Pat Riley flashed back to his own career-elevating ascension when a furor erupted recently over Magic Johnson’s so-called credentials to run the Lakers. A sports-talk radio debate, triggered by a national host based in Riley’s Miami market, quickly devolved into a racially tinged spitting contest within the same media company.
Submitting as evidence his own appointment to the Lakers’ coaching job in 1981, or half a lifetime ago, Riley said Magic’s skin color wasn’t the point. At least not the main one.
“Welcome to the new seat, whichever seat you just got to sit down in, and to an immediate reaction on both sides of the fence,” he told The Vertical. “With me, it wasn’t as public. There was no internet for it to get picked up on but I heard it within the coaching profession: ‘He didn’t coach in high school, didn’t coach in college, wasn’t prepared. How could he get the most prestigious job in the NBA?’ ”
Riley allowed the implicit recognition of the four Showtime championships that followed to marinate for a moment before adding, in a firmer tone: “To adamantly say Earvin is not qualified is nonsense. Like Jerry West, he’s a prodigal son of the Lakers.”
Also left unsaid, but understood, was that West, now deified as the most visionary of living league executives, was handed the Lakers’ coaching job with a say in personnel matters in 1976 by then-owner Jack Kent Cooke, based largely on what he had done as a player, as Mr. Clutch.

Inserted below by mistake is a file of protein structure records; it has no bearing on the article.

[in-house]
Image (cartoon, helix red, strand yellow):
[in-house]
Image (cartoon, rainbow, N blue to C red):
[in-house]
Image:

How clutch? On the court, West delivered one title to the Lakers, compared to Magic’s five.
“So why shouldn’t Earvin get an opportunity?” Riley said.
Riley, 71, is 27 years removed from his image-shaping Lakers’ days, 22 years now at the executive helm of the Heat, whom he also coached until a decade ago, winning one title on the bench and directing two more from the front office during the four-year rental of LeBron James.
He is no impartial observer on Magic, but who in the sport can claim greater insight to the man he partnered with for nine years, or most of Magic’s career?
“The smartest player I ever coached,” Riley said.
It is significant to note that he is not in the habit of saying much of anything during the regular season, letting his coach, Erik Spoelstra, serve as Miami’s front man. So perhaps it was the old blue-collar brawler from Schenectady, N.Y., Riley’s inner Houdini breaking free of a self-imposed silence, when he stood up for Magic in a lengthy interview with The Vertical that found him in a reflective and even self-deprecatory mood.
To the assertion that Magic had revealed himself to be an analytic lightweight during his time as a network talkie, Riley was ruefully mindful of his one-year run as an NBC commentator between coaching jobs in Los Angeles and New York.